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Treatise on Man

from ENTRIES

Published online by Cambridge University Press:  05 January 2016

Theo Verbeek
Affiliation:
Universiteit Utrecht
Erik-Jan Bos
Affiliation:
École normale supérieure de Lyon
Lawrence Nolan
Affiliation:
California State University, Long Beach
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Summary

The Traité de l'homme was first published in its original French by Clerselier (L'homme, 1664), after being published in a Latin translation by Florent Schuyl (1619–69) (De homine, 1662 and 1664). Apart from a short summary in the Passions of the Soul (art. 7–16) and the equally posthumous Description of the Human Body, this work is the main source of Descartes’ physiology. A “treatise on man” was planned by Descartes as early as 1629, as part of an explanation of “all natural phenomena, that is, all of physics” (AT I 70, CSMK 7), as indicated by the summary of the “treatise on light” in the Discourse on Method. According to that summary, the treatise would contain a discussion not only of celestial and terrestrial bodies but also of man “because he observes them” (AT VI 42, CSM I 132). Not only is the inclusion of “human nature” in accordance with the traditional conception of physics, but it also matches Descartes’ statement in 1645 that he started work on a “treatise on animals” (which is clearly what we now know as his Treatise on Man) “more than fifteen years ago” (AT IV 326).

Descartes’ approach raised the challenging problem of how to integrate a theory of man into his own theory of nature, given the fact that the human mind cannot be reduced to matter; and he could not speak of living bodies “in the same manner as the other things, that is, by demonstrating effects from causes and showing from what seeds and in what manner nature must produce them” (AT VI 45, CSM I 134). The first problem could be solved by giving the human mind an exceptional status; the second problem could be solved only by means of the “supposition” that “God formed the body of a man exactly like our own … using for its composition nothing but the matter that I had described,” without placing in it

any rational soul or any other thing to serve as a vegetative or sensitive soul, but rather that he kindled in its heart one of those fires without light which I had already explained, and whose nature I understood to be no different from that of the fire which heats hay when it has been stored before it is dry.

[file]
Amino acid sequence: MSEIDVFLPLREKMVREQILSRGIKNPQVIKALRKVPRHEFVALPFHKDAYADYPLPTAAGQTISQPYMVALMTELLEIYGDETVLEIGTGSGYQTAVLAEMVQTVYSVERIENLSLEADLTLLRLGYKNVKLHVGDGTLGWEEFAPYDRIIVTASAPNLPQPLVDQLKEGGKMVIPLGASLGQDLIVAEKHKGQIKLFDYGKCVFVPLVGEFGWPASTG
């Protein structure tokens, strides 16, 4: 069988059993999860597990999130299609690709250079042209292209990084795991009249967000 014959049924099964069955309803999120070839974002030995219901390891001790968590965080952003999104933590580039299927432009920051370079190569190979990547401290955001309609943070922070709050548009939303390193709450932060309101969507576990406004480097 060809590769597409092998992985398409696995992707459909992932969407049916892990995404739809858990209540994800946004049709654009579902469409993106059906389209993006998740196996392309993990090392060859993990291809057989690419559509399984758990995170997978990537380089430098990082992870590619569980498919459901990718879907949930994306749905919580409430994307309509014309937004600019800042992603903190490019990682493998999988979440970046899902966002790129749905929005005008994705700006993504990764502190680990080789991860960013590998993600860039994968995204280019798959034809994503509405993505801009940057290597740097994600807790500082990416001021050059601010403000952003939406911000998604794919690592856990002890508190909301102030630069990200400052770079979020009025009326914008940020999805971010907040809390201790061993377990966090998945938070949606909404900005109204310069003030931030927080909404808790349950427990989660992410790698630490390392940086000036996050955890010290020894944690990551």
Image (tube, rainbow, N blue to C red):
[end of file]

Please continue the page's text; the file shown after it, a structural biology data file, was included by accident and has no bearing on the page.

(AT VI 46, CSM I 134)
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Publisher: Cambridge University Press
Print publication year: 2015

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References

Descartes, René. 1998. The World and Other Writings, trans. Gaukroger, S.. Cambridge: Cambridge University Press.CrossRefGoogle Scholar
Descartes, René. 1996. Le monde, l'homme, ed. (with notes) Bitbol-Hespériès, A. and Verdet, J.-P.. Paris: Seuil.Google Scholar
Descartes, René. 1972. Treatise of Man, trans. and commentary Hall, T. S.. Cambridge, MA: Harvard University Press.Google Scholar
Des Chene, Dennis. 2000. Spirits and Clocks: Machine and Organism in Descartes. Baltimore: Johns Hopkins University Press.Google Scholar
Lüthy, Christoph. 2006. “Where Logical Necessity Becomes Visual Persuasion: Descartes’ Clear and Distinct Illustrations,” in Transmitting Knowledge: Words, Images and Instruments in Early Modern Europe, ed. Maclean, I. and Kusukawa, S.. Oxford: Oxford University Press, 97–133.Google Scholar
Wilkin, Rebecca. 2003. “Figuring the Dead Descartes: Claude Clerselier's Homme de René Descartes (1664),” Representations 83: 38–66.CrossRefGoogle Scholar
Zittel, Claus. 2009. Theatrum philosophicum: Descartes und die Rolle ästhetischer Formen in der Wissenschaft. Berlin: Akademie Verlag.CrossRefGoogle Scholar

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  • Treatise on Man
  • Edited by Lawrence Nolan, California State University, Long Beach
  • Book: The Cambridge Descartes Lexicon
  • Online publication: 05 January 2016
  • Chapter DOI: https://doi.org/10.1017/CBO9780511894695.247
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  • Treatise on Man
  • Edited by Lawrence Nolan, California State University, Long Beach
  • Book: The Cambridge Descartes Lexicon
  • Online publication: 05 January 2016
  • Chapter DOI: https://doi.org/10.1017/CBO9780511894695.247
Available formats
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Save book to Google Drive

To save content items to your account, please confirm that you agree to abide by our usage policies. If this is the first time you use this feature, you will be asked to authorise Cambridge Core to connect with your account. Find out more about saving content to Google Drive.

  • Treatise on Man
  • Edited by Lawrence Nolan, California State University, Long Beach
  • Book: The Cambridge Descartes Lexicon
  • Online publication: 05 January 2016
  • Chapter DOI: https://doi.org/10.1017/CBO9780511894695.247
Available formats
×